Higher-ed leaders and educators at colleges and universities don’t have the luxury of sitting back to wait and see how AI shakes out.

An AI primer for higher-ed leaders and educators

Colleges and universities don’t have the luxury of sitting back to wait and see how AI shakes out

Key points:

While nearly every sector touts AI’s potential, it’s important to first understand what AI is before outlining how it can revolutionize any given industry. The same is true in higher education, notes an AI primer from the Partnership for Education Advancement (Ed Advancement).

The primer offers an overview of what higher-education leaders must know about how AI might reshape the way institutions teach, support, and operate. It also offers case studies of how HBCUs are using emerging technology to support institutional objectives.

Ed Advancement is a nonprofit that offers scalable and sustainable operations- and technology-focused solutions to HBCUs to help them serve their students and meet their strategic goals.

When it comes to colleges and universities, AI is poised to dramatically improve administrative process along with equity and access to higher learning itself. Not a single platform or tool, AI is an encompassing technology that is increasingly woven into myriad platforms and tools higher-ed faculty, administrators, and students use daily.

“Against this backdrop, institutions–particularly those that have been historically underfunded–face the daunting task of considering how ever-changing AI technology will alter what needs to be taught, how it will be taught and how student expectations will change,” writes Ed Advancement CEO James Runcie.

“At this critical inflection point in AI adoption, it is important that historically underfunded institutions and historically marginalized learners be at the forefront. These institutions and learners may have the most to gain from the power of AI tools to advance opportunities, but they also risk facing a wider resource gap and other potential harms (e.g., algorithmic bias and discrimination and skills and opportunity gaps) if AI isn’t developed and disseminated in an equitable way.”

When it comes to higher education, particularly under-resourced institutions, AI-enabled tools are categorized into two main opportunities:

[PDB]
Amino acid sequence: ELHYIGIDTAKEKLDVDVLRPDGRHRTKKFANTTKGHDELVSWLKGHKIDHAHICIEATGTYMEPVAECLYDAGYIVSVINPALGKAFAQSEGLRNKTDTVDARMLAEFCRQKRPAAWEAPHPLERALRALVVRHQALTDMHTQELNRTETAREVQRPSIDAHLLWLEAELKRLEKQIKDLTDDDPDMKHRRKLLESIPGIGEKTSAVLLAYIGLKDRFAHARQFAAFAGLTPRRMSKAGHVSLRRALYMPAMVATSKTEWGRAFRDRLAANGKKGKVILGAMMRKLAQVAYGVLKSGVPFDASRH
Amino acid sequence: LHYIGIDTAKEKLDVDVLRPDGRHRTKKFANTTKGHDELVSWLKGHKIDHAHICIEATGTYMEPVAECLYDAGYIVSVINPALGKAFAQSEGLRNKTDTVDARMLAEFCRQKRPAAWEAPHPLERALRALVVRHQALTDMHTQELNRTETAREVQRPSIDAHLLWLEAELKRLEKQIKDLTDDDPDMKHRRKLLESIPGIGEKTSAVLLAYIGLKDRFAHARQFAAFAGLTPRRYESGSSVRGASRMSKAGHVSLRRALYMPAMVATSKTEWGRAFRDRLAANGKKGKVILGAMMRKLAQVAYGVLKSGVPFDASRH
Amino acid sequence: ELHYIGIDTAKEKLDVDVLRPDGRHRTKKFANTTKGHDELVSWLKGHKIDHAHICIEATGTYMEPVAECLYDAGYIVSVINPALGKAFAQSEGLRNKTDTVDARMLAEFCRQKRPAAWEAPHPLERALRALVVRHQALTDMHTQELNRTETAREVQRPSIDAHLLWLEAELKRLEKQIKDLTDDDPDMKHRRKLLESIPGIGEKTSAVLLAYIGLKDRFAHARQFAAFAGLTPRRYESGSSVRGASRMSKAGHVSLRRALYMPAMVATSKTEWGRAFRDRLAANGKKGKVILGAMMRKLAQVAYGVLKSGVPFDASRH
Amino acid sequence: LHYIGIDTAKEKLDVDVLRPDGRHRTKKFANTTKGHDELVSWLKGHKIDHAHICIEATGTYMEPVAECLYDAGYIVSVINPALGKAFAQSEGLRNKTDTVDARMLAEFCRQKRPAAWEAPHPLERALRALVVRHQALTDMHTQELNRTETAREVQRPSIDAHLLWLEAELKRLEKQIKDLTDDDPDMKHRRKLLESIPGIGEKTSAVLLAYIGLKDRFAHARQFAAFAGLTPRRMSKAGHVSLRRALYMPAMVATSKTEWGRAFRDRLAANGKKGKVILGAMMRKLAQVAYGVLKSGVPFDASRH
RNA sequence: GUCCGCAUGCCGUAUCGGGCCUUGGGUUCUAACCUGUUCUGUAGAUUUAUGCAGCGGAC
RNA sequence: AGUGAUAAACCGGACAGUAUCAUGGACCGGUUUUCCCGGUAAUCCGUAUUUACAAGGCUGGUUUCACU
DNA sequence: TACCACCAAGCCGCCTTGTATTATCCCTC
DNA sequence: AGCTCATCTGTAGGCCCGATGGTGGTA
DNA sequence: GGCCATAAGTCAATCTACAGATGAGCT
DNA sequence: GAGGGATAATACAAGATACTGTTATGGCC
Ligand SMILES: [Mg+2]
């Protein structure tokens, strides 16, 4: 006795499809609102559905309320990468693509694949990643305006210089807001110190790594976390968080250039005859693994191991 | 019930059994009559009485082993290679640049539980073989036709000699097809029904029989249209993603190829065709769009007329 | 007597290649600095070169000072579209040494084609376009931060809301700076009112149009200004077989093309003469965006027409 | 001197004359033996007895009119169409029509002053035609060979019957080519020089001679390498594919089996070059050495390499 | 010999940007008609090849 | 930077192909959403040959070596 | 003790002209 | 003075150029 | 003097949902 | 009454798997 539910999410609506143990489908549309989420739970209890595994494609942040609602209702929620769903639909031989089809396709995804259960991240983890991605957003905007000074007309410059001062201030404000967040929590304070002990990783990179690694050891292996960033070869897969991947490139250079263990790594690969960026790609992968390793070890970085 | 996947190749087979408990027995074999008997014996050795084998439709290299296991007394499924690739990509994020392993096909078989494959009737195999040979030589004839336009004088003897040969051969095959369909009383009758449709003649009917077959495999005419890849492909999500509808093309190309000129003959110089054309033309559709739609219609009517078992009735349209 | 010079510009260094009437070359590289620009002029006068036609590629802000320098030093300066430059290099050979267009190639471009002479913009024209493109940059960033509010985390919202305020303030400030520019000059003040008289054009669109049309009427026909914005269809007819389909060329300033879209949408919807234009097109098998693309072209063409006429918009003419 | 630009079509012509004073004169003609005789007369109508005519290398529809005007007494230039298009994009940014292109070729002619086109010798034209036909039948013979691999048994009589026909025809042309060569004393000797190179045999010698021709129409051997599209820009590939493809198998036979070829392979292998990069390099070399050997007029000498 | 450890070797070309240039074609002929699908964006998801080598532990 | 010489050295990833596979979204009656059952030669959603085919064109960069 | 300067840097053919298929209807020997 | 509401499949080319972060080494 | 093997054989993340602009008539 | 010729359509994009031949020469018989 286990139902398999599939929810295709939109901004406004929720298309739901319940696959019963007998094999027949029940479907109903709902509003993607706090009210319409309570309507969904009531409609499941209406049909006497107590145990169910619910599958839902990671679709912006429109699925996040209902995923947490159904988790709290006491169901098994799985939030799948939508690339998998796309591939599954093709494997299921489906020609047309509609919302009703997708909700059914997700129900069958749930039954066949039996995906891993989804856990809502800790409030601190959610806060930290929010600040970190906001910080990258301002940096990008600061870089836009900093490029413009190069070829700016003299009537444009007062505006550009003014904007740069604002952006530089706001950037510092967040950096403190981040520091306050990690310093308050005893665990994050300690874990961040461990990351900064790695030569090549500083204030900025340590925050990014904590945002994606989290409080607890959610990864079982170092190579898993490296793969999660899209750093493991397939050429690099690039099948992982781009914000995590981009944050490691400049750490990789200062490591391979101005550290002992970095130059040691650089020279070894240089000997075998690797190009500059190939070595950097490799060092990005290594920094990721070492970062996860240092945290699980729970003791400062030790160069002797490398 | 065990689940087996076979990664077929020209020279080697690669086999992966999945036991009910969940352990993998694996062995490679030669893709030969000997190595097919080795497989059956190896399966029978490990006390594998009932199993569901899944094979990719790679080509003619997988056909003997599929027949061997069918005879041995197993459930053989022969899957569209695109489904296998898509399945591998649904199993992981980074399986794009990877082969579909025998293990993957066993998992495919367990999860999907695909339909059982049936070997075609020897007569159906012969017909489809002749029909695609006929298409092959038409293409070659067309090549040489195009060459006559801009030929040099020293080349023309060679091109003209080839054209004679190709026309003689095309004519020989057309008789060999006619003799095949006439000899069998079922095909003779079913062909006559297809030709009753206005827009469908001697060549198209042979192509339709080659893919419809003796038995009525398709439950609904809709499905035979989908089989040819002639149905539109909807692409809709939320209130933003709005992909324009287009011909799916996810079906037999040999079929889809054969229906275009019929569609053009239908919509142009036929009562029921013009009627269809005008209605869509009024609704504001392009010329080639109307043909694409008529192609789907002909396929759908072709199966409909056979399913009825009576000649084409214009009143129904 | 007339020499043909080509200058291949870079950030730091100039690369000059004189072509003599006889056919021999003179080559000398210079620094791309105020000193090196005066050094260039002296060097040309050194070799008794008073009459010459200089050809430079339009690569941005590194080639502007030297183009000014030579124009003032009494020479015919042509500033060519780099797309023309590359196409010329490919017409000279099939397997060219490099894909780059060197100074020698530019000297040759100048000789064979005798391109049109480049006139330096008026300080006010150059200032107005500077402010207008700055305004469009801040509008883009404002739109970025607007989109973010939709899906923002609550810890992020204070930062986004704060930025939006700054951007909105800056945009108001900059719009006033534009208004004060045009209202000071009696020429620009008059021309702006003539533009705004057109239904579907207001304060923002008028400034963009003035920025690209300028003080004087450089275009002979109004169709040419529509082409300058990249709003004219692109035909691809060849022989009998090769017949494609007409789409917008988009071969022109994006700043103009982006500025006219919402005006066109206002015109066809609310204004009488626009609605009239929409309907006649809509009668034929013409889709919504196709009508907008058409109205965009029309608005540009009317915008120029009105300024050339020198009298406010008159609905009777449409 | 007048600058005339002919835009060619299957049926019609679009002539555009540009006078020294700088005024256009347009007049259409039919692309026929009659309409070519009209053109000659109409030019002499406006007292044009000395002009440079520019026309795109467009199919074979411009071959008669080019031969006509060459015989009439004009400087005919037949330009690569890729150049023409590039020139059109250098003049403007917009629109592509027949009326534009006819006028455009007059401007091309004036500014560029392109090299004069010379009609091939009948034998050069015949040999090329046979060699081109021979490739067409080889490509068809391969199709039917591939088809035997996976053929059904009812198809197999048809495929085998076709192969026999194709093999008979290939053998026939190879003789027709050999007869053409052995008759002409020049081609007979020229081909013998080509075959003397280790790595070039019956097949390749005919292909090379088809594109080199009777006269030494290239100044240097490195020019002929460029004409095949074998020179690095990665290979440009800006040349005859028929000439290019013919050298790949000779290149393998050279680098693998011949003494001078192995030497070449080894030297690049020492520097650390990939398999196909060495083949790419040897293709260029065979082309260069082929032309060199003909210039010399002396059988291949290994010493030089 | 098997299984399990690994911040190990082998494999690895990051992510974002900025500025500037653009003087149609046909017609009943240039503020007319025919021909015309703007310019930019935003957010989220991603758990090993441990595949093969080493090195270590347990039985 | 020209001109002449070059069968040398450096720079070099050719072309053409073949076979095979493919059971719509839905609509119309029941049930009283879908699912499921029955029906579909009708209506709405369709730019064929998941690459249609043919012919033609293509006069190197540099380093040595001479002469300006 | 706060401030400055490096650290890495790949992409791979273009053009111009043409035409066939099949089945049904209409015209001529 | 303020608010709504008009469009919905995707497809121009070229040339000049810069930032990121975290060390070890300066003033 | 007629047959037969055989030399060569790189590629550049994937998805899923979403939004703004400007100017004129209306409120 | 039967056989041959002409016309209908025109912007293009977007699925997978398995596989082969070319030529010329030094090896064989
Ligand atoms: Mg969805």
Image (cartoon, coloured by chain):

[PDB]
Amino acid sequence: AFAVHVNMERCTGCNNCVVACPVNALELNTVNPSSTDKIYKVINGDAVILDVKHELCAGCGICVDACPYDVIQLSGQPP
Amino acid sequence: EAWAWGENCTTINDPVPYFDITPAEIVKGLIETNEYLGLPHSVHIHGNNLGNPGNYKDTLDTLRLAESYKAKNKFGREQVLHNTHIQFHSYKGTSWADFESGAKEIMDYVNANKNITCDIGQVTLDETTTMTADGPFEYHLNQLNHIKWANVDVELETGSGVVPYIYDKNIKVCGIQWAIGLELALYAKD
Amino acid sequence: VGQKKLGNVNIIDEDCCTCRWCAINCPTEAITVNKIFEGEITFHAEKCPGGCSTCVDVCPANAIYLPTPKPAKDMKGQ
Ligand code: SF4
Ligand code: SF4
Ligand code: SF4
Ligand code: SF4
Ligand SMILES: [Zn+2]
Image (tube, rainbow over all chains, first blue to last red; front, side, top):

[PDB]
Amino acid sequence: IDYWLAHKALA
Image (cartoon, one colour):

1. Leverage automation for cost savings and improved outcomes: By automating tasks and creating efficiencies or by better identifying the highest-value approaches, AI can help institutions with limited resources free up capacity for higher-order activities or make the most of limited budgets.

2. Leapfrog to enable data-driven decision making: For institutions that haven’t had the resources to prioritize investments in IT infrastructure over the last decade, the rise of AI represents a moment to leapfrog past institutions that have adopted previous generations of IT solutions. For example, multi system insights (e.g., algorithms that pull from both the student information system and learning management system) were previously only available to institutions with a robust data warehouse and data science team. Today, AI built on top of data lakes (which utilizes unstructured data versus categorized/mapped data in a data warehouse) provides a lower-cost option to garner similar insights.

There are four areas under which AI use in higher education generally falls:

  • Support for teaching and learning: Intelligent tutoring, accessibility and scaffolding, and content generation
  • Driving student success: Improved prediction for targeted supports, insights for personalized learning paths, and nudges to stay organized and engaged
  • Informing operational improvement: Enrollment management improvement, improvements in student experience, and course improvement
  • Supporting skills documentation: Skills mapping to translate course content to in-demand workforce skills, and transcript review and resume creation

Despite its promise, AI does have the potential to widen equity gaps–a concern that’s among the main drivers behind the AI primer, which can help connect HBCUs to examples of how to use AI to achieve institutional objectives.

Concerns around these gaps include AI’s bias and disparate impact, cost and equitable access, and implementation best practices.

So, what’s next in the quest for AI-based institutional improvement? Not acting at all will be detrimental to institutions, because students will expect access to AI-powered tools as well as the ability to develop their own AI skills for workforce success.

A wise first step, the primer asserts, is to find a way to use AI to support one of the institution’s priorities. A deeper dive into AI integration means taking a look at data structure, governance, and security.

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Laura Ascione

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